October 24, 2016

Black and White and Read All Over

I recently talked about complementary colors, so it only seems fitting that I talk about the opposite end of the color spectrum: black and white. Generally speaking, black and white are each used to emphasize negative space and spacial relationships. So what happens when black or white occupies the negative and positive space in their respective illustrations? How do we tell where things exist and what their relationships are to each other?
Funny Little Bird by Jennifer Yerkes is the perfect place to start. The text tells the story of a white bird who always goes unnoticed because, well, he's a white bird on a white background. Eventually the bird learns a valuable lesson about the perks of blending in and how he can make himself stand out as he is.

Yerkes uses her white space to the point where, as readers, we essentially see the bird in what we see around him--fabrics, feathers, even the birds facial features help us to piece his shape together. It's up to us as readers (or "beholders" of the illustrations) to determine where the bird is in time and space.

Of course, it's not just the fabrics that help us determine where the bird is--it's also partly our brains! We see backgrounds and the eyes and beak of the bird, so our brains take over and draw the necessary lines to finish off the image.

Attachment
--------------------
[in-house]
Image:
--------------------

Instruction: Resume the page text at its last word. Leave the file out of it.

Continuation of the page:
Granted, Yerkes does cheat now and then by putting in shadows to help us along (just check out the bird's wings), but overall she does a beautiful job of using negative space to enhance positive space and bring her bird to life.

In terms of beautiful black books we have Menena Cottin and Rosana Faría's The Black Book of Colors, which tells the story of a blind boy who views colors in his own special way.

But this book has a twist: it's actually meant to be experienced by both sighted and blind children! Each spread has printed white text that is accompanied by shiny, raised Braille. It's a book about blindness that blind children can actually read! And there is a Braille alphabet in the back for those who want to learn. 

The embossed illustrations are designed so that children can run their fingers across the pages and emphasize the descriptive text like a normally-printed illustration would. Instead of the colors being emphasized, it's the objects themselves: the textures, the shapes, the sizes.


It's such an interesting way for children to experience blindness in a safe environment and learn about this particular disability.

If you can think of any other books like this, I'd love to know! It was hard enough finding two!!

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